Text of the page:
The debate might have finally been put to rest on Monday. Three years ago, India unveiled a new methodology to study its Gross Domestic Product output, immediately showing the current government in a better light and raising questions about its accuracy. This week, the Centre was to put out details of the back series, which would reveal GDP growth numbers for previous years using this methodology. The government even called reporters to a press conference. Then, at the last minute, it was cancelled.

The official line is that the Ministry of Statistics and Programme Implementation and the NITI Aayog, which were to jointly release the data, held a round-table with experts, who raised questions about some of the details. As a consequence, they decided to hold more consultations. Unofficially, reports have suggested that the government was concerned about what the growth numbers for previous administrations would look like. A panel from the National Statistical Commission put out a draft report earlier this year that showed double-digit GDP growth under the Congress-run United Progressive Alliance, with hasty, embarrassed reactions from the government.

Regardless of what the figures actually look like, this last-minute change inevitably raises eyebrows, especially for a government that has always been so tetchy about its economic performance. But it now seems to be falling into a pattern that reflects the nervousness of a government that is facing re-election next year. The party is flailing about in response to allegations about crony capitalism or even corruption in the Rafale deal to buy fighter planes from France. It spent weeks refusing to intervene on rising fuel prices and the rupee’s concomitant slide, only to change tack and jump in, to little effect. It has been engaged in an unseemly, public squabble with the Reserve Bank of India. More than 60 bureaucrats have written to the Comptroller and Auditor General expressing concern over the “partisan” delay in audit reports covering the Rafale deal and the effects of the decision to demonetise 86% of India’s currency two years ago.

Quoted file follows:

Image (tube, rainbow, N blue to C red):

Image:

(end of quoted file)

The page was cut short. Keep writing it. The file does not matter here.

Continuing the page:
Few have failed to recogise that the Modi government’s policies have undermined a range of India’s institutions. What is unexpected is the sledgehammer that the government is using. Would a competent government, even if it were trying to torture the statistics to provide a favourable picture, first announce a press conference about GDP numbers and then cancel it? Would a Centre with a clear game plan take weeks to clarify that it does not want to raid the RBI’s reserves? Would a well-ordered Centre first announce talks with Pakistan, then cancel them the very next day?

Modi’s strong decisive leadership was supposed to be the consolation prize of voting in a prime minister whose politics is based on communal division. Instead, events have made it clear that, despite voting for “Sabka Saath, Sabka Vikas” (Development for all), India has been received social polarisation, little development and an authoritarian government that is obsessed about manicuring its image regardless of the ground reality.